The simulation argument was famously elaborated by Nick Bostrom. The idea is that our descendants may be able to create simulated creatures like you, and put them in simulated environments that look like the one you now find yourself in. If so, you can’t be sure that you are not now one of these future simulated people. The chance that you should assign to this possibility depends on the number of such future creatures, relative to the number of real creatures like you today.
More precisely, let P be the fraction of descendant civs that become able to create these ancestors simulations, I the fraction of these that actually do so, N the average number of ancestors simulated by each such civ per ancestor who once existed, and S the chance that you are now such an ancestor sim. Bostrom says that S = P*I*N/(P*I*N+1), and that N is very large, which implies that either P or I is very small, or that S is near 1. That is, if the future will simulate many ancestors, then you are one.
However, I will now show that this argument collapses if we allow the inclination to simulate ancestors to depend on the time duration that has elapsed between those ancestors and the descendants who might simulate them. My main claim is that our interest in the past generally seems to fall away with time faster than the rate at which the population grows with time. For example, while over the last century world population has doubled roughly every 40 to 60 years, this graph shows much faster declines in how often books mention of each of these specific past years: 1880, 1900, 1920, 1940, 1960.
Let us now include this fading past effect in a simple formal model. Let t denote a cultural “time” (not necessarily clock time), relative to which population (really a density of observer-moments) grows exponentially forever, while interest in the past declines exponentially. More formally, assume that it is already possible to create ancestor sims, that population grows as eg*t, that a constant fraction a of this population is turned into simulated ancestors, and that the relative fraction of these simulated ancestors associated with simulating a time t units into the past goes as e–b*g*t. Thus for b>1 per-person interest in past people falls as e-(b-1)*g*t.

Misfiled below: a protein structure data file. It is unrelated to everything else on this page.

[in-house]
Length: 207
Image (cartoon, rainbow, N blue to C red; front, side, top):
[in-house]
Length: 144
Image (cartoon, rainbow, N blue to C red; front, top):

Given these assumptions, the ratio of future ancestors simulations of the current population to that actual current population is F = a*b/(b-1), and S = F/(F+1). So, for example, if at any one time 10% of people are ancestor simulations, and if interest in the past falls by 12% every time population rises by 10%, then a = 0.1, b = 1.2, and F = 0.6, giving each person who seems to be real a S = 3/8 chance of instead being an ancestor simulation. If a = 0.001 instead, then F = 0.006, and each person should estimate a S =~0.6% chance of being an ancestor simulation.
The above assumed that ancestor sims are possible and are being done now. If instead sims can’t start being created until c time units in the future, then we instead have F = a*(b/(b-1))*e(b-1)*g*c, giving an even smaller chance S of your being an ancestor simulation.
By the way, these calculations can also be done in terms of rank. If all people in history are ordered in time, with r=0 being the first person ever, and all others having r>0, then we could assume that a fraction a of people are always ancestor simulations, and that interest in past people falls as rb, and we’d again get the same result F = a*b/(b-1).
Thus given the realistic tendency to have less interest in past people the further away they are in time, and the likely small fraction of future economies that could plausibly be devoted to simulating ancestors, I feel comfortable telling you: you are most likely not an ancestor simulation.
Added 9pm: See this more careful analysis by Anders Sandberg of falling interest in year names. Seems to me that fall in interest is in fact faster than the population growth rate, even a century after the date.
Interesting argument. More generally I believe that this kind of reasoning on probability distributions of simulations can put strong constraints on the simulation hyphotesis.
My problem with it is that it's ignoring other factors which make simulations more likely to be run (a.k.a Simplicity Assumption), in particular the computational complexity of the simulations. If a simulation is 1000x easier to simulate, just few simulators are enough to quickly make easier simulations dominant. Imagining that nobody in the future will take a shot at simulating very easy sims is unlikely, similarly to how Fermi's paradox cannot be solved with "ALL possible aliens will do X".
For more info on this line of reasoning check https://philpapers.org/rec/...
My math above does integrate over the entire future.